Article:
Martha: We talk about NPR, talk about what’s going on back home, talk —

Sophie: — about our classes.

 

What are you looking forward to at VAMPY this year?

Sophie: Everything!

Martha: I love VAMPY so much. It’s been really great. I love everything.

 

Why did you choose the classes you’re taking?

Sophie: I’m more liberal arts, so that kind of thing attracts me more. I went to DC last year, but I’d really like to see more of it and learn about pop culture because I’m not well informed.

Martha: I picked Arabic because I really like learning languages. I’d like to go into a field that deals with a lot of languages, or deals with people from different parts of the world, like translation or the United Nations.

 

Do you ever argue?

Sophie: I’m gross. I’m really messy so she’s legit arguing with me: “Pick your stuff off the floor!”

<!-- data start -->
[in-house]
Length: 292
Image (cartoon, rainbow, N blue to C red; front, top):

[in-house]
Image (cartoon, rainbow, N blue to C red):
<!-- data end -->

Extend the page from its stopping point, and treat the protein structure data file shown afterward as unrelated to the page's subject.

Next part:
Martha: Not legit arguing — it’s me nagging with her to get the clothes off the floor, pick up the sink. But I don’t think we’ve had a legit argument.

Sophie: She kept her suitcase in the bathroom for two days. I was like, “Get your suitcase out of the bathroom, Martha!”

Martha: We play fight!

 

Ben Bozza of Greenbrier, Tennessee, and Dawson Wilcox of Greenville, Alabama, live about 350 miles apart. Ninth graders, they are at their first year of VAMPY. Dawson is taking Presidential Politics, and Ben is taking Nazi Germany and the Holocaust.

How did you meet?

Dawson: We met at SCATS last year when we were roommates. We were randomly paired, and we ended up really liking it.